WW1 was a battle of attrition of man power and resources. Brutal trench warfare with lots of artillery and mass charges into the newly invented machine guns dominated the action. The only way an earlier US entrance into WW2 would have mattered is if the US could have brought modern tanks onto the battle field to break the stalemate of the trenches…But, the US had no more modern tanks than any of the other combatants. Iirc, the US sent 250,000 ‘expeditionary’ troops along with Gen Pershing at a time when 50,000 men were being lost per day by the combatants. Pershing and many of the US contingent had been chasing Pancho Villa around the US Southwest and Mexico with no success. Villa was guilty of stealing US cattle and robbing US banks, occupations reserved for US bandits. US entry into the war did affect thinking in Germany because they were running out of men, guns, bullets, and money. The US entry was a psychological hit to Germany more than anything else. Germany realized that it could not win with US manufacturing and finance thrown into the mix.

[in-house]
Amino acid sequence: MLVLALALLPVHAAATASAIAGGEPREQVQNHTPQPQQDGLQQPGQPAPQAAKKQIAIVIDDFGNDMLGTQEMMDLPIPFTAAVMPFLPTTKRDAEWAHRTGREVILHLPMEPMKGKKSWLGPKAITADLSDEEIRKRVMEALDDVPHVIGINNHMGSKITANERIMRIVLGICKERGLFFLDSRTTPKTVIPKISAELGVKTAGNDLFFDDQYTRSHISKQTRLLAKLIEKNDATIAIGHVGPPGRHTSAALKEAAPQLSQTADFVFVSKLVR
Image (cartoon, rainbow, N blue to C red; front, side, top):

Plinder: “The pricking of the [Japanese] bubble led to 20 years of economic stagnation.”
Failure to let the zombie banks of Japan led to 20 years of economic stagnation…just as will happne in the US if the friends of the Fed are not allowed to fail.
“Yves here. Notice how Plender sees the political obstacles in China put the onus on the US to force changes. Most policymakers are wedded to the idea of free trade, but with a high unemployment rate and slack resources, the US would come out ahead by implementing protectionist measures (although corporate CEOs might not fare as well). As unemployment continues to be high and foreclosures continue to exact a toll, pushing back against mercantilists like China will look more and more attractive.”
Speculation about the future…
Yves: Question…How do you see a ‘push back’ against ‘Chinese mercantilists’ unfolding?
Excellent post Mr. Bates, very good that you corrected some of plinder’s revisionism….especially about President Woodrow Wilson.
Bates mentions this:
“Plinder: “The pricking of the [Japanese] bubble led to 20 years of economic stagnation.”